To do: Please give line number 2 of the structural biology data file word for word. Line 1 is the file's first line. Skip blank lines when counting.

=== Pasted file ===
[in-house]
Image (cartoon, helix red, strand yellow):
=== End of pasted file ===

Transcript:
Image (cartoon, helix red, strand yellow):